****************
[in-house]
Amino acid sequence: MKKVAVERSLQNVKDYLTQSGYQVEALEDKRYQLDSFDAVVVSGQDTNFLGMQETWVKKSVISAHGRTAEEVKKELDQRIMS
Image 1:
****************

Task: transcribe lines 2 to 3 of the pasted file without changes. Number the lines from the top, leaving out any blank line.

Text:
Amino acid sequence: MKKVAVERSLQNVKDYLTQSGYQVEALEDKRYQLDSFDAVVVSGQDTNFLGMQETWVKKSVISAHGRTAEEVKKELDQRIMS
Image 1: